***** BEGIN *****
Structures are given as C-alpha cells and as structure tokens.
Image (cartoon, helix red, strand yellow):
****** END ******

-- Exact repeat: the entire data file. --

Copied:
Structures are given as C-alpha cells and as structure tokens.
Image (cartoon, helix red, strand yellow):